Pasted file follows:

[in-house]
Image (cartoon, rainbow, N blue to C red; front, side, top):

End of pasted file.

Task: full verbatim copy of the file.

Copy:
[in-house]
Image (cartoon, rainbow, N blue to C red; front, side, top):